The federal government today announced its proposed legislation to give law enforcement agencies yet more avenues to reach into our private lives through access to our personal communications and data. This never-ending story of parliamentary bills defies logic, and is not offering the necessary oversight and protections.
The trend has been led by Prime Minister Malcolm Turnbull, with help from an ever-growing number of security ministers and senior officials. Could it be that the proliferation of government security roles is a self-perpetuating industry leading to ever more government powers for privacy encroachment?
That definitely appears to be the case.
Striking the right balance between data access and privacy is a tricky problem, but the government’s current approach is doing little to solve it. We need better oversight of law enforcement access to our data to ensure it complies with privacy principles and actually results in convictions. That might require setting up an independent judicial review mechanism to report outcomes on an annual basis.
Australia should strengthen its privacy laws and remove exemptions for politicians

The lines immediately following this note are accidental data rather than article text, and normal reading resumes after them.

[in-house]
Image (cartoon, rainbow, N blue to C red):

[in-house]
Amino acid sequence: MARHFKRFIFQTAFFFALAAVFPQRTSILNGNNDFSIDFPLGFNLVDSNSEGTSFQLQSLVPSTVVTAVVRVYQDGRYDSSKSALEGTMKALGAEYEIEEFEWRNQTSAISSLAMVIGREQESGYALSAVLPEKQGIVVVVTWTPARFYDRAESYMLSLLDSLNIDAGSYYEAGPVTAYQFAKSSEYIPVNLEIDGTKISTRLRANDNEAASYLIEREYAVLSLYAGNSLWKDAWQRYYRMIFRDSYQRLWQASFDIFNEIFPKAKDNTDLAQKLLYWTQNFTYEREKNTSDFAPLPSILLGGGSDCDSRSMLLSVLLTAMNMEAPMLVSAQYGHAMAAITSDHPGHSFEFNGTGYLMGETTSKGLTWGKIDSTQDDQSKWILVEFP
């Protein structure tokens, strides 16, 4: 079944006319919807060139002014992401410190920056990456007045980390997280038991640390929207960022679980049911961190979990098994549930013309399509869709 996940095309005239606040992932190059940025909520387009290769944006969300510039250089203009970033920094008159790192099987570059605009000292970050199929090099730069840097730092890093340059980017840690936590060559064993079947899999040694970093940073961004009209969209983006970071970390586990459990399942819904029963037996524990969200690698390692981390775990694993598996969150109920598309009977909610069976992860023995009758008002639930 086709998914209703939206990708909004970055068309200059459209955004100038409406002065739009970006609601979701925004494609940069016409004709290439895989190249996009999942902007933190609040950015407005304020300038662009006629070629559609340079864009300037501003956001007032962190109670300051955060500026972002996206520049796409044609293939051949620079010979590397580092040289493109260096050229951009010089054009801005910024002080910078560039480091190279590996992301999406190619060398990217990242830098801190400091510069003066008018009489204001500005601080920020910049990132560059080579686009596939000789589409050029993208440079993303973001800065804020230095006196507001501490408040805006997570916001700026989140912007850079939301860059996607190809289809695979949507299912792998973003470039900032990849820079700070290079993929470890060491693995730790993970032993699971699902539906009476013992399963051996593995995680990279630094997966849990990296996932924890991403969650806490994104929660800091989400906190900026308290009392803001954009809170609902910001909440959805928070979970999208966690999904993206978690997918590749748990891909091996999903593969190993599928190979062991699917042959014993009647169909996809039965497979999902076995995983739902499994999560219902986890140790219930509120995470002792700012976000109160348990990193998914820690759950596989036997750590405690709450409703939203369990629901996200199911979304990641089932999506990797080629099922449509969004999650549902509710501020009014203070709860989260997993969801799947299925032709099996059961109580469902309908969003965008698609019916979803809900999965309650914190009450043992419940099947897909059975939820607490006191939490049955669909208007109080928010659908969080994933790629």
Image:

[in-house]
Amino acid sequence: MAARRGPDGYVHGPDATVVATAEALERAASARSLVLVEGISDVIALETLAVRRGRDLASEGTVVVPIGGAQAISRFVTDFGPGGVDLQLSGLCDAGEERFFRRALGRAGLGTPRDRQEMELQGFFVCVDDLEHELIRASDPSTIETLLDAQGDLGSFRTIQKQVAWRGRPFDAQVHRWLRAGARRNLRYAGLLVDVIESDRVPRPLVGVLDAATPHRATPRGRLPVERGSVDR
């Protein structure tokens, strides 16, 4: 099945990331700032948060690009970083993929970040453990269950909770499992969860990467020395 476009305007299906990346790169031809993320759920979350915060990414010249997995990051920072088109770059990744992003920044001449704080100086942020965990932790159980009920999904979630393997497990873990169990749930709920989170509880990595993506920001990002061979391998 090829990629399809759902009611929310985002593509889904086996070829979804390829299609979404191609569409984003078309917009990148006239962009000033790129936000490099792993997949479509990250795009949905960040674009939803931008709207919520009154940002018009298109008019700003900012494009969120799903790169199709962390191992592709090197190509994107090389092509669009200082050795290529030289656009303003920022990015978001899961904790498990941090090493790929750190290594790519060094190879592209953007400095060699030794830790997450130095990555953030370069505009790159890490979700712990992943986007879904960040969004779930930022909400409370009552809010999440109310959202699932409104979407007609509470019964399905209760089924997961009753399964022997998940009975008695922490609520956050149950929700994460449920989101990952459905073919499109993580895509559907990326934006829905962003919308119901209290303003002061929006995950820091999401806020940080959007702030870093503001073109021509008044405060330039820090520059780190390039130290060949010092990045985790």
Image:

Where is the accountability?
The succession of data access legislation in the Australian parliament is fast becoming a Mad Hatter’s tea party – a characterisation justified by the increasingly unproductive public conversations between the government on one hand, and legal specialists and rights advocates on the other.
If the government says it needs new laws to tackle “terrorism and paedophilia”, then the rule seems to be that other side will be criticised for bringing up “privacy protection”. The federal opposition has surrendered any meaningful resistance to this parade of legislation.
Rights advocates have been backed into a corner by being forced to repeat their concerns over each new piece of legislation while neither they nor the government, nor our Privacy Commissioner, and all the other “commissioners”, are called to account on fundamental matters of principle.
Speaking of the commissioner class, Australia just got a new one last week: the Data Commissioner. Strangely, the impetus for this appointment came from the Productivity Commission.
The post has three purposes:
- to promote greater use of data,
- to drive economic benefits and innovation from greater use of data, and
- to build trust with the Australian community about the government’s use of data.
The problem with this logic is that purposes one and two can only be distinguished by the seemingly catch-all character of the first: that if data exists it must be used.
Leaving aside that minor point, the notion that the government needs to build trust with the Australian community on data policy speaks for itself.
National Privacy Principles fall short
There is near universal agreement that the government is managing this issue badly, from the census data management issue to the “My Health Record” debacle. The growing commissioner class has not been much help.